It’s been a few years since we launched the site, and the food trailer landscape has change dramatically. We’ve seen the tremendous influx of trailers and trucks in late 2010, the spike in 2011 and the somewhat decline and stabilization in 2012. Since then, trailers and their owners have seemed to hit their stride.
Despite this slight feeling of having their roots planted as a staple of Austin cuisine, trailers are still failing as any other business may. Lack of success is not usually one big f*ck up, it’s a combination of multiple variables. Regardless, there are some super basic missteps that are being taken far too often by trailers and trucks in Austin.
1. It’s a business, not a hobby
Perhaps the most frustrating thing about food trailers from a patron perspective is lack of consistency. This not only includes product, but also operations. This is a business just like anything else. Your livelihood is your customer. Much like in other fields, you don’t often get second chances. The biggest pet peeve we have and get contacted about is being OPEN when you say you’ll be OPEN. We get it, it’s hot, it rains, it’s slow, your equipment broke. Some stuff cannot be avoided, but other stuff is not an excuse to close up shop early. This is especially important for new trailers. People know you have recently opened. Trust us. If you say you’re open until 9pm and close at 8:15pm because it’s slow… shame on you. This is crap. Stay open. Give yourself a chance to make it, create relationships and don’t start your business venture by being the flaky owner who may or may not be open.
2. You’re Anti-Social
You don’t need to love Facebook, Twitter and Instagram. Hell, you probably don’t even have to know how to really use it. You do however HAVE to be on it. There are a ton of different reasons as to why you should be on social media including but not limited to:
- Building a relationship with customers before they ever go to your trailer
- Notifying people of your location and expected arrival time
- Blasting out menu specials, improvements and key messaging
- Coming up in online searches. Do you know how many people will search on Facebook for a business to “Like” before they look on Google?
- Listening. Social media is your best friend when it comes to market research. If your food rocked or sucked, don’t you want to know about? It’s invaluable to have the chance to say “Thanks for coming, glad you liked it!” or “Dude! We’re so sorry you had a bad experience. Can we give you a call?”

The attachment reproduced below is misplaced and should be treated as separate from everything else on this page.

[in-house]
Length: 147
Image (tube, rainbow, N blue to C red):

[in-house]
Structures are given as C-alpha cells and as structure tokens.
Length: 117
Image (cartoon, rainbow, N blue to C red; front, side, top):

- Meet influencers online. We’ve met more of Austin’s food influencers online than anywhere else. This is THE place to connect with the community.
3. You’re Beautiful on the Inside, but Your Outside is U.G.L.Y.
Trailers are expensive. Trucks are ridiculously expensive. You spend money, drip sweat and sometimes gush blood in getting your rig up and running. Now, why wouldn’t you make the outside as awesome as the inside? I cannot stress this enough, consumers are VISUALLY drawn to your trailer. Sure, a kick ass menu is a strong suit, but if you’re side by side another trailer that is decked out and the customer knows nothing about either, which one do you think they’ll go to? Wrapping a trailer or truck isn’t cheap, but it’s worth it. Check out the folks at Yeti Frozen Custard, The Peached Tortilla, Chi’Lantro and The Evil Wiener. They don’t just have a truck, they have a brand. Park their truck next to a white one with a banner and take a guess which one will have the longer line. Despite what you may have heard, looks matter.
4. You’re Missing a Road Map
Why does a business plan matter if you’re up and running? Because it does. You need a roadmap to your goal. When can you hire employees. Based on your business plan, you need to hit $xx,xxx to hire an employee. Anything below that, and you cannot afford it. What is your goal? Do you want investors, exit strategies, brick and mortars? You need a business plan. Remember, this is a business, not a hobby.
5. You’re Not Looking Beyond the Wheels
A food trailer or truck is by no means a massive cash cow unless you have multiple locations or sell such gourmet cuisine that you can rack up a $25 ticket per person which isn’t likely. The biggest mistake we see being made right now is that food trailers and trucks are banking on making all their income with their regular lunch and dinner rounds. This is a sliver of what you can make if you diversify. Your food is likely good (if you’re still in business), and people will pay for it. You have to think beyond the wheels and consider catering. What would you rather do? Work a 12hr shift in the heat OR a 3 hour catering gig which will likely bank you more income. Your trailer and truck are great billboards and samplers, but your bread and butter will come from other sources of revenue. *ahem, business plan*
Okay, so we’ve addressed a few pet peeves, honest truths and somewhat obvious mistakes that are being made. Keeping these 5 keys in mind while launching, keeping afloat or thriving in the industry is a good start. It’s by no means a formula, but hell it’s better than what you may already be doing.
Anything else you think we left off? Give us a shout in the comments.